Akhlaq e Amrikiya: A Manual for the Survival of Muslims in America (3 of 7)

Bonding with America…..

Akhlaq e Amrikiya

A Manual for the Survival of Muslims in America (3 of 7)

Professor Nazeer Ahmed

According to news reports, GOP presidential candidate Ben Carson accused Muslims who adhere to the Shariah and at the same time embrace American values of being “schizophrenic.”

In an interview with Breitbart News’ Stephen K. Bannon, Carson was asked whether he believes Muslims who are “Sharia adherent” can also participate in a Democratic society governed by the rule of law.

“Only if they’re schizophrenic,” Carson said. “I don’t see how they can do it otherwise, because they have two different philosophies boring at you. That would be very difficult.”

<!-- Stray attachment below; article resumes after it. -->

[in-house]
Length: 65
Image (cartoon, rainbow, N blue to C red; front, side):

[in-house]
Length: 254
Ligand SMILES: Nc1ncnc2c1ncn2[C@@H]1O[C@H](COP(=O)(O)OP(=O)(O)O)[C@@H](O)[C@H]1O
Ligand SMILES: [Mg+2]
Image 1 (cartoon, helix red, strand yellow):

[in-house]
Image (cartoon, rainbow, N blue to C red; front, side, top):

Two alternatives present themselves in response to Carson’s statement. One can dismiss it as outlandish, calculated to catch the attention of voters in this election year when Islamophobia is on center stage in Republican primaries. Alternately, one can take it as a challenge to answer his assertion of Islamic schizophrenia with a cogent and rational narrative. I will chose the latter and it is in this spirit that I welcome the statement of Mr. Carson. Let me explain my choice of response with an ancient story.

Abdul Khaliq al-Ghujdawani (1179) was a well-known Sufi Shaikh of Central Asia in the pre-Mongol era. I had the privilege of visiting his tomb during my visit to Uzbekistan in the year 2000.

Shaikh al-Ghujdawani was a retiring man. Some considered him to be a hermit. He shunned the distractions of mundane pursuits and spent most of his time in contemplation and prayer in the forest, away from the cacophony of city life. This retiring nature was unpopular with his wife who would have preferred it if the Shaikh spent more time with her at home.